Diligence Required

I am beginning to feel normal again after 4 instillations of chemotherapy and mild complications from it.

On March 20, I was scheduled for the 7 ½ hour chemo and couldn’t have it because my creatinine (a measure of kidney function) was too high and my red blood cell count was too low.

I returned the next week on March 27 only to find that the creatinine was still too high, although the red  count had gone up. Dr. Gullion, my oncologist from 17 years ago, wanted Dr. Meng, the surgeon at UCSF to make the decision about more chemotherapy. So he sent us right away to UCSF.

Dr. Meng, without hesitation, said, “No more chemo. You have two weeks to decide.” He also recommended a CT scan without contrast, since the contrast element is harmful to the kidneys. I had the CT scan before we left the UCSF medical center on Divisadaro.

I’ve been working on the decision since that day.

The first good news was that there was no visible cancer outside the bladder from the CT scan. This is good news.

We saw Michael Broffman on Monday, March 31 and were surprised to learn that I am a candidate for alternative treatment. I’ve had the feeling that I have equal changes with radical cystectomy and alternative treatment for many weeks now and Michael supports the road not taken. This was good news.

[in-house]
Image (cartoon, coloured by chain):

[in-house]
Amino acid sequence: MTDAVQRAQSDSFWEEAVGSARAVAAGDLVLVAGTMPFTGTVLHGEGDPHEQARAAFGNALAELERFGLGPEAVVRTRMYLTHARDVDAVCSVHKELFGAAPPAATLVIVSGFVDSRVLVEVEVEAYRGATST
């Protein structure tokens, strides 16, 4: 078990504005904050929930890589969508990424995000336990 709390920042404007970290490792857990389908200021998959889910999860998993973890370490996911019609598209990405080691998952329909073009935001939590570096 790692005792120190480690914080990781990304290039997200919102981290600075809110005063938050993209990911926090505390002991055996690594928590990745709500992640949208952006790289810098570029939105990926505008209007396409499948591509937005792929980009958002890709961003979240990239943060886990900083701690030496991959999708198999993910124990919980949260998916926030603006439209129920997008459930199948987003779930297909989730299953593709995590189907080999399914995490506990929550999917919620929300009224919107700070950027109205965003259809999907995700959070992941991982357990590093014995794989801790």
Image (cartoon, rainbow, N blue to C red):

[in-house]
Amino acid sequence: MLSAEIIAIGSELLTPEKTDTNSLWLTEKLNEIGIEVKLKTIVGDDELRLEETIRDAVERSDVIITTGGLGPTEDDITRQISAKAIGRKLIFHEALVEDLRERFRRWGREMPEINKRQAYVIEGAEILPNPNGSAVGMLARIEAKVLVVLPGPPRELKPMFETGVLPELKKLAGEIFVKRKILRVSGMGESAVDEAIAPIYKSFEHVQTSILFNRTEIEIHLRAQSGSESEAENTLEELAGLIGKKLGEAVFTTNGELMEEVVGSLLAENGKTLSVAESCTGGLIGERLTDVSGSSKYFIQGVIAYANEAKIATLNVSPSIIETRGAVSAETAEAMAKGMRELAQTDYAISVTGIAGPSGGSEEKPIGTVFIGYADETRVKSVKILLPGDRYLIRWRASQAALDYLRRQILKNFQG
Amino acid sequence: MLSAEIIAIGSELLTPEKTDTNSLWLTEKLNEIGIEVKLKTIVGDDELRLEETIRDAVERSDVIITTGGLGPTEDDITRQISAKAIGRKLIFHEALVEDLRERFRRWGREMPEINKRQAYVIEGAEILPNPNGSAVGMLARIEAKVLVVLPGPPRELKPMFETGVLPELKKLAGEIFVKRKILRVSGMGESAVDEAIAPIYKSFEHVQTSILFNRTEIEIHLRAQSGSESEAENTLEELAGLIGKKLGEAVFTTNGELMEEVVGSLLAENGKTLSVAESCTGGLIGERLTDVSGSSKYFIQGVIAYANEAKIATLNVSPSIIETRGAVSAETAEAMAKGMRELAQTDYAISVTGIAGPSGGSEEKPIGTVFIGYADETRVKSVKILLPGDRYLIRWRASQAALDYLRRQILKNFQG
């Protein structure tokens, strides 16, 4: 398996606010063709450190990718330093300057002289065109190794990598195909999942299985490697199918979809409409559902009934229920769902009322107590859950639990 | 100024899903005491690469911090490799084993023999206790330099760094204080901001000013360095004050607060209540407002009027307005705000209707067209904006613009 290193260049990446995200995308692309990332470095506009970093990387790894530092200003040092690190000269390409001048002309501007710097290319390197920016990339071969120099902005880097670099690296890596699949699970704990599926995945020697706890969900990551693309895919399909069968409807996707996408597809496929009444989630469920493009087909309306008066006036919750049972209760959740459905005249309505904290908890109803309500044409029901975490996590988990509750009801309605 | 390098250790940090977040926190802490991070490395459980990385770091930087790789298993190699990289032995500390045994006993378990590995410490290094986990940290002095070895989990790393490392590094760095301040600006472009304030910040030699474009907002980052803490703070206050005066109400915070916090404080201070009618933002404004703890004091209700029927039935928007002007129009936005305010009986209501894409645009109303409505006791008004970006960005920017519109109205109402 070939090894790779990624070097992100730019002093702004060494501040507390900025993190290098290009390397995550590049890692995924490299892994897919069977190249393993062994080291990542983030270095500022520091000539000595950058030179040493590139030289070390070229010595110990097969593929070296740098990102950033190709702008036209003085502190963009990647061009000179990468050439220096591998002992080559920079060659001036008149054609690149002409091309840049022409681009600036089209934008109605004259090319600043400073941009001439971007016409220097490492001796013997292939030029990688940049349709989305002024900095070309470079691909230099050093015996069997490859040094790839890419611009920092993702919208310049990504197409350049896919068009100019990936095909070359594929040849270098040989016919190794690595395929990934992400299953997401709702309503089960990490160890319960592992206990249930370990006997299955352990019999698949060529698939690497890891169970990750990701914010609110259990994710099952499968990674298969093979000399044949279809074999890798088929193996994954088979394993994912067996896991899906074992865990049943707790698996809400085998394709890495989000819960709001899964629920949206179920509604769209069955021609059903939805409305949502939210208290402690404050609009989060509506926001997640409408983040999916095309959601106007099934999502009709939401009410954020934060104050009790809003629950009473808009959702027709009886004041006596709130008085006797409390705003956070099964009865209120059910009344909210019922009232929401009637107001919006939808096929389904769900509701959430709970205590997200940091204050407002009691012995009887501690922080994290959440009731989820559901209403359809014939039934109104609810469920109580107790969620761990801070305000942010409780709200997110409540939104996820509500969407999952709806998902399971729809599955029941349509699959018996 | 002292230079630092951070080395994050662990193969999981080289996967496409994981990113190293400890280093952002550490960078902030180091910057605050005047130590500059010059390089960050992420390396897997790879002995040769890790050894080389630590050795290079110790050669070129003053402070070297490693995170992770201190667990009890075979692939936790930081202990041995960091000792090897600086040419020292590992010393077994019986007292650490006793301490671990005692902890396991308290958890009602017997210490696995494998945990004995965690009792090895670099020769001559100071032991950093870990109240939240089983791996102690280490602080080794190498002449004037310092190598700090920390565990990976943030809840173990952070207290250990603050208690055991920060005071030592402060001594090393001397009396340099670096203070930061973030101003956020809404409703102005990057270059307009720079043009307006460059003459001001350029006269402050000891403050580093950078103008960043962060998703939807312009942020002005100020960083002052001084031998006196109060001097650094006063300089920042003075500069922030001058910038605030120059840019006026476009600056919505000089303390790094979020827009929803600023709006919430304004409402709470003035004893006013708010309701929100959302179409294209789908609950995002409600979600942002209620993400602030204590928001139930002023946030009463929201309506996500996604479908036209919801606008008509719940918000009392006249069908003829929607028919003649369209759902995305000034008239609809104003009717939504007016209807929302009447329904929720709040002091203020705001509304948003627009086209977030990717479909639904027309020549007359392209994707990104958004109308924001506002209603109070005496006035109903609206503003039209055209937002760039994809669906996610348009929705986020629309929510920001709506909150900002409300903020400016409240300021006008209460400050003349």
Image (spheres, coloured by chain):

Naturally, I’ll have to have constant surveillance by Dr. Meng to watch for any new tumors in my bladder and the proceed to cystectomy if some is found.

On Wednesday, April 2, I had a guided imagery session with Leslie Davenport, my therapist in 1997. I processed the road not taken (alternative therapy) and discovered that like cystectomy, this involves a lot of work of a different kind. I have to keep a strict watch on my nutrition and supplements and be very diligent in observing the advice of my inner guidance and my healers.

But then, with cystectomy, there is still all of this diligence required in order to prevent any microscopic cancer from developing elsewhere in my body.

So diligence is required in both cases. There are still many unanswered questions.